So if she is fit, she will like her chances at least as far as the semis here, for a possible renewal of her rivalry with Williams.

Kvitova’s draw and health problems

Rome may not be Kvitova’s favourite surface, but this year she reached the semis in Stuttgart, where she beat Muguruza, and did not play badly in her attempt to defend the Madrid title, though hampered by a niggling abdominal injury.

She does have a tough draw, though, opening against the 24-ranked Madison Keys, and she is lined up for No2 seed Angelique Kerber in the quarters—the woman who beat her in Stuttgart.

So Kvitova, too, was playing her fitness cards close to her chest.

“I came yesterday [Sunday]. I have been with my doctor and checking the stomach muscle, and he said it’s almost OK. I didn’t really practise and I practised yesterday for half an hour for the first time and today again. So that’s good. I don’t feel really pain. I’m just a little bit scared about it. But I think it’s in a good way. I’m just trying to hit as many balls as I can but still with a good balance, not really too much.”

Perhaps that does not inspire the greatest of confidence. So what about Kerber?

Kerber on the rebound

The No2’s first Grand Slam may have come on the hard courts of Australia, but the leader in the WTA Race won on clay in Stuttgart, as she did last year, and made the semis in Charleston. She has yet to pass the quarter-final stage at Roland Garros, however, making that a key target in a fortnight’s time, but she faces a big hurdle immediately in the shape of either Jelena Jankovic or Eugenie Bouchard. She could also end up being an opponent for British qualifier, Heather Watson, who scored an impressive win over former French Open and Rome finalist Sara Errani in her first round.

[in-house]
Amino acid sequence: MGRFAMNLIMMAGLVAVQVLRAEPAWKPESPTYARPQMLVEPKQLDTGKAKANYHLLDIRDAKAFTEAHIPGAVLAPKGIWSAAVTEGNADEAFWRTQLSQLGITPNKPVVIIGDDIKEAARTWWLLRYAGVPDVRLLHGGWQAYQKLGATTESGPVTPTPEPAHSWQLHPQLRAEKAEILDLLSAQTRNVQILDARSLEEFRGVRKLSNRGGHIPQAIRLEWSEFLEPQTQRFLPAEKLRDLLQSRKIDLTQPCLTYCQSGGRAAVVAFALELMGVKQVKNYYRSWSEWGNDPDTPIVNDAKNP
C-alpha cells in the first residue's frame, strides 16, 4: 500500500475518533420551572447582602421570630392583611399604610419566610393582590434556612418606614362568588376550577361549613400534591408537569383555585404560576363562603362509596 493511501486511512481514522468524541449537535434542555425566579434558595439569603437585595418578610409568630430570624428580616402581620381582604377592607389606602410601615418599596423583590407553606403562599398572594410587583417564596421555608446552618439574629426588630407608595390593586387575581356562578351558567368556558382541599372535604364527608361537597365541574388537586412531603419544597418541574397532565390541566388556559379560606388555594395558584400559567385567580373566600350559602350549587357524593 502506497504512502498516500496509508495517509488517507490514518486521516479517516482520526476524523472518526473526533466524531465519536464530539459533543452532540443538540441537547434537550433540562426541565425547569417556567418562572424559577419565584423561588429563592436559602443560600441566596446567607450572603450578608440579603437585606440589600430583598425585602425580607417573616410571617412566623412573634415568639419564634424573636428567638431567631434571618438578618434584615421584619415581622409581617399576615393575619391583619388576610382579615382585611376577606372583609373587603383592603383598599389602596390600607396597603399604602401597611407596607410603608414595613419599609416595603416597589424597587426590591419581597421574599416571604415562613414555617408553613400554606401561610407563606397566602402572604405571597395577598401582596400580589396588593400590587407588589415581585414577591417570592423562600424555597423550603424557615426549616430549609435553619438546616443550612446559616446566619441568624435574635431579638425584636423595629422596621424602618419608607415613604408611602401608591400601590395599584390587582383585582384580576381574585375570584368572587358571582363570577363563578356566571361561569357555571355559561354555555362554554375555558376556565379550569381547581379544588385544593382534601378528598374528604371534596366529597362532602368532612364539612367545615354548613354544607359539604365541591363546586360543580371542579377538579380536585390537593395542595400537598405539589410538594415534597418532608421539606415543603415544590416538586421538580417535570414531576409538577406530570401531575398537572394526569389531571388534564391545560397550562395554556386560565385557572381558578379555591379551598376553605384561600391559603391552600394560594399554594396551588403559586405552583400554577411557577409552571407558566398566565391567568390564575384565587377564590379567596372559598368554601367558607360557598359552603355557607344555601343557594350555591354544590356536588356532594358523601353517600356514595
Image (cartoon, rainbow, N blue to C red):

But Kerber is full of confidence. As she said ahead of her first match here:
“Clay, it was not always my favourite surface, but in the last years I learned to play on clay, and with the movement, it’s always a little bit different. But, I mean, I won last year Charleston, Stuttgart. Also this year I won Stuttgart. I think clay court getting closer to my favourite!”

Britons in the draw

Watson came through two rounds of qualifying and then set up a second round encounter against Barbora Strycova after beating Errani in an up and down three-setter. She was both pleased with her victory over a clay-court specialist on her home dirt, and also looking forward to the challenge posed by the contrast posed by Strycova:
“She’s a toughie… she can come to the net, she’s just got lots of variety and she’s a good fighter. That would be a really tough match on the clay.”

Top Briton, Johanna Konta, ranked 23, will try to turn a round two first-round losses on clay in Stuttgart and Madrid when she takes on qualifier Johanna Larsson. The No7 seed and home favourite Roberta Vinci will await the winner.

Former champions in draw: Serena Williams (three times), Jankovic (twice), Venus Williams (once)
Additional former runners-up: Svetlana Kuznetsova, Carla Suarez Navarro, Errani, Azarenka, Sam Stosur
Missing seeds: Missing from the top 16 are, No3 Radwanska, No8 Bencic, No10 Sharapova.

The draw (NB top eight have Round 1 byes)

Top half

No1 seed Williams quarter
R2, Anna-Lena Friedsam
R3, first seed, No13 Ana Ivanovic
QF, No9 Kuznetsova or No6 Halep are seeds
SF, No4 Azarenka, No10 Safarova, No7 seed Vinci are seeds

No4 seed Azarenka quarter
R2, Irina-Camelia Begu
R3, first seed, No16 Pliskova beaten by Daria Kasatkina
QF, No10 Safarova or No7 Vinci are seeds
SF, No1 S Williams, No13 Ivanovic, No9 Kuznetsova, and No6 Halep are seeds

Bottom half

No3 seed Muguruza quarter
R2, Ekaterina Makarova
R3, first seed, No15 Svitolina beaten by Monica Puig
QF, No8 Suarez Navarro or No11 Timea Bacsinszky are seeds
SF, No2 Kerber, No12 V Williams and No5 Kvitova are seeds

No2 seed Kerber quarter
R2, Jankovic or Bouchard
R3, first seed, No14 Errani, beaten by Watson
QF, No8 Suarez Navarro or No 11 Safarova are seeds
SF, No3 Muguruza, No11 Bacsinszky, or No8 Suarez Navarro